For some of them, the procedure might also prolong overall survival. This is the conclusion drawn by German agency Institute for Quality and Efficiency in Healthcare (IQWiG) in its final report commissioned by the Federal Joint Committee.
Overall, the IQWiG project team sees a hint of a benefit of low-dose CT for lung cancer screening versus no screening for the outcome of “mortality”.
This benefit, however, is accompanied by harm from false-positive screening results and overdiagnosis. For the high-risk group of heavy smokers, however, the benefit outweighs the potential harm.
Low-dose CT for lung cancer screening under evaluation
Lung cancer is one of the leading causes of cancer deaths worldwide. Men are diagnosed at a median age of 70, women at 69. Lung cancer is usually discovered at a late stage; so five years after diagnosis, only one-fifth to one-sixth of the affected people remain alive.
At present, there is no systematic screening for lung cancer in Germany and LDCT is not part of the scope of services provided by statutory health insurance.
Pursuant to the Radiation Protection Act, the Federal Ministry for the Environment, Nature Conservation and Nuclear Safety (BMU) is currently evaluating whether radiation exposure due to several years of LDCT screening (including follow-up diagnostics) is permissible.
Indication of benefit
The results of eight randomised controlled trials (RCTs) with more than 90,000 people provide an indication of a benefit of LDCT screening for heavy smokers: Within about 10 years, it can prevent five out of every 1,000 deaths by lung cancer.
In contrast, no statistical advantage of LDCT screening is shown for all-cause mortality. This could be because people saved from death by lung cancer die from other tobacco-related diseases instead, such as other types of cancer or cardiovascular diseases.
However, the results of meta-analyses of all pooled study data suggest a reduction in all-cause mortality.
In the overall weighing of disease-specific mortality and all-cause mortality, in its final report, IQWiG, therefore, concludes that there is a hint of a benefit of low-dose CT for lung cancer screening versus no screening.
Misdiagnosis and overdiagnosis are rather rare
A false-positive result alone means harm to the people affected. The diagnosis of lung cancer also requires histological or cytological confirmation, which like any diagnostic procedure and treatment carries the risk of side effects and complications.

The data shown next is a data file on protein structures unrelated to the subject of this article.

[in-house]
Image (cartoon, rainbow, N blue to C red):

For instance, surgical interventions are performed without a lung tumour always being present, sometimes with serious side effects. However, the risk of harm in the studies included varies: 1 to 15 out of every 1,000 people underwent unnecessary surgery due to false-positive screening results.
Overdiagnosis detects lung tumours that would never have been noticed without screening and would never have required treatment.
The risk of being overdiagnosed also varies greatly in the studies analysed: Out of every 1,000 people invited to screening, 0 to 22 might be affected by an overdiagnosis.
The risk of overdiagnosis for people diagnosed with lung cancer during the screening phase ranged between 0 and 63 per cent in the studies. This highlights the importance of an optimised screening strategy to keep the risk of overdiagnosis low.
For the high-risk group of heavy smokers, however, the benefit outweighs these aspects of harm.
Screening strategy is important
An optimal screening strategy is a basis for a positive benefit-harm ratio of low-dose CT for lung cancer screening. For this purpose, the high-risk population to be examined must be defined as precisely as possible by means of smoking behaviour and remaining life expectancy.
As in the studies analysed, lung cancer screening should be supported in practice by specific quality assurance measures.